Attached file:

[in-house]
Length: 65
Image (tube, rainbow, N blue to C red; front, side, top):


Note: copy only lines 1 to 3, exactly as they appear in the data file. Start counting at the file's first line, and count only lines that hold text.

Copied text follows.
[in-house]
Length: 65
Image (tube, rainbow, N blue to C red; front, side, top):